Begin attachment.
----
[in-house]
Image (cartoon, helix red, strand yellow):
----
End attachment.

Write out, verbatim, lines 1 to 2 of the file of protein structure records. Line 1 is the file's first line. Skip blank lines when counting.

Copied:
[in-house]
Image (cartoon, helix red, strand yellow):